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Anorexic woman, 47, who wants to die may soon be able to under Canadian law

Canada expanded requirements for medically assisted death to allow incurable conditions of mental illness

Meredith Clark
New York
Wednesday 19 July 2023 10:26 BST
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Disabled woman applies for assisted suicide after not being able to find affordable housing

A 47-year-old woman who has struggled with severe anorexia for decades has made the decision to die. Soon, she will be able to under Canadian law.

Lisa Pauli from Toronto, Canada, recently opened up about her debilitating eating disorder in an interview with Reuters. Two years ago, Canada expanded its requirements for medically assisted death to allow incurable conditions of mental illness. The new mental health criteria for legalised assisted death goes into effect in March 2024.

Speaking to Reuters, Pauli admitted that she’s had a “warped relationship” with her body since she was eight years old. She currently weighs 92 pounds, can sometimes go days without eating solid food, and is even too weak to carry groceries home without stopping to rest.

The country first legalised medical assistance in dying (MAID) for people with terminal illnesses in 2016. In 2021, the law was expanded to include people with incurable conditions, such as mental illness. The legal changes will soon make Canada one of the only countries in the world to allow those who are not in the end stages of a terminal illness to opt to end their lives.

The 47-year-old told Reuters that every day for her is “hell,” adding: “I’m so tired. I’m done. I’ve tried everything. I feel like I’ve lived my life.”

She explained that she has tried various treatments and has been hospitalised twice for her anorexia, until her psychiatrist Justine Dembo first raised the idea of assisted death in April 2021.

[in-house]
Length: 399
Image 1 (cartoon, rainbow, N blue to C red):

Dembo, who served on an expert panel on assisted death and assesses people for MAID, said she treats it as “a last resort” and tries to determine whether patients have received all available medical and social support available.

However, Pauli maintained that she plans to apply for MAID once she is eligible next year.

The topic of medical assistance in dying has sparked much criticism amongst disability rights and religious advocates, who say that the planned changes will bring additional risks of people opting for MAID because they are unable to access social services, according to Reuters.

Just last month, a quadriplegic woman from Ontario claimed that it would be faster for her to pursue a medically assisted death than it would for her to wait for Canada to provide disability support services. The woman, Rose Finlay, said in a video shared on social media that she can access Canada’s MAID program after a 90-day eligibility assessment, but that accessing disability services could take up to eight months.

Finlay applied for the Ontario Disability Support Program, but realised she would have to wait for at least half a year before she would even have her application approved. Even with ODSP support money, she said she would be living in a “forced poverty” as the most the program pays out is $1,228 a month for all living expenses.

She then explored MAID, even though she does not want to die.

“It’s not what I want,” Finlay told CBC. “But if I don’t receive the support that I need, the outcome is the same. If I get to a point where I am really sick and basically terminally ill anyways, I would like to have other options.”

Meanwhile, proponents of assisted death argue that it is an issue of personal autonomy. In 2021, just over 10,000 people died through medically assisted death – about three per cent of deaths in Canada that year – while more than 30,000 people have died with medical assistance in Canada since 2016, per Reuters.

There are other requirements to be considered eligible for MAID, such as a written application and assessments from two independent medical practitioners. It is also only available to people covered by a Canadian healthcare program.

Medical assistance in dying is legal in several other countries, including New Zealand, Switzerland, Portugal, Spain, Australia, and the Netherlands. In the US, assisted death is legal in 10 states and Washington, DC for patients suffering terminal illness who have less than six months to live.

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